This tremendous 1983 play by Caryl Churchill has extraordinary breadth – and for this high-gloss revival, Lyndsey Turner gives it a widescreen treatment to match. It fills the Lyttelton’s big stage in real style, and if it sometimes dissipates a little of the dialogue’s snap and crackle, it also gives the production a shrewd and shiny modernity. That’s not to say that it’s been stripped of its the period setting. We’re still firmly in Thatcher’s Britain, the age of power suits, spike heels and helmet hair, of naked ambition and ruthless individualism.
The Iron Lady was our first female prime minister, yet she loathed feminism. And now, with second-, third- and fourth-wave feminists often at odds, with feminism thoroughly mainstream and yet with gender inequality still rife, with MeToo and TimesUp redefining the cultural landscape, and with body-image issues and the pornification of society more virulent than ever thanks to the digital revolution, there are still plenty of issues and contradictions to consider. So it seems apt to examine Churchill’s play not just as a signpost to where we were headed, but as a snapshot of where we’ve ended up. Turner’s staging achieves this by applying a clear, gleaming, modern lens, which ensures that it looks at once up-to-the-minute and historically accurate. It is both a window into the past, and a mirror to the present. It also – for the first time ever, as far as Churchill herself is aware – features a complete cast of 18, with no doubling. Some commentators have mourned the dilution of the various parallels between characters that a more economical casting suggested. But as Churchill points out, that’s not the way the play was conceived. She envisioned 18 individual women. The now-traditional doubling-up was simply a money-saving strategy employed by producers. Besides, to see the stage filled with such a large, triumphantly talented all-female company in itself feels like a feminist fillip.
We begin, in the famous first scene, in a London restaurant, where flourishing go-getter Marlene (Katherine Kingsley, sporting a spectacular pair of gold shoulder pads) is holding a dinner to celebrate her promotion to managing director of the Top Girls employment agency. Ian MacNeil’s cinematic set glides and glimmers, its backdrop of tasteful commercial art like a stormy teal seascape. But this party is no ordinary blowout: it’s a surreal, dreamlike sequence in which all her guests are boundary-busting women from history and art. Isabella Bird (Siobhan Redmond) is a vigorous Victorian explorer. Lady Nijo (Wendy Kweh) is a Japanese imperial concubine and diarist. Dull Gret (Ashley McGuire) and Patient Griselda (Lucy Elliinson) both spring from folklore, with Gret featuring in the paintings of Bruegel and Griselda in Boccaccio’s "Decameron." And Pope Joan is an apocryphal figure reputed to have been a secretly female potentate during the Middle Ages.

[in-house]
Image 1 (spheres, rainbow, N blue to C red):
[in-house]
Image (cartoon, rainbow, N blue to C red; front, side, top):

It’s a stunning, theatrically audacious opening, playful and affecting, as the women’s conversation roves over their professional and emotional lives, so ebullient that their voices compete and overlap while allegiances are made and the Frascati flows. The tension between family life, love, social expectation, and personal fulfilment and ambition is writ large and colourful here. And then, abruptly, the set contracts like a camera’s aperture, and we iris in on a less colourful but just as demanding reality. Marlene and her team interview candidates for the agency’s books, a process that suggests exploitation as much as opportunity. And back in rural Suffolk, the place where Marlene grew up and that she couldn’t wait to leave, her sister Joyce (Lucy Black) and Joyce’s daughter Angie (Liv Hill) are trapped in a life of much more limited horizons.
That domestic set-up is not, as it turns out, quite what it appears, and the family dynamic is troubled and deeply poignant. Hill’s Angie, who has a darkly vivid imagination and no aptitude for school, longs for a taste of Marlene’s London whirlwind, and Black, who ekes an income from three cleaning jobs, is both discreetly jealous and quietly contemptuous of her more glamorous sister. Marlene has also left behind the leftwing politics she grew up with to embrace Thatcherism, while Joyce flinches from her callous dismissal of anyone vulnerable, anyone “stupid, lazy or frightened." It is a chilling confrontation with a dangerous insularity that echoes resoundingly all the way down to current Conservative austerity and cruel, bone-headed welfare reforms. And more, the play addresses our ongoing conversation with what it really means to hold power – soft or hard – and what it means to be shut out from it. Top Girls is a landmark drama of serious brilliance. This production delivers it to us as slick, bright and glittering as freshly spilt blood.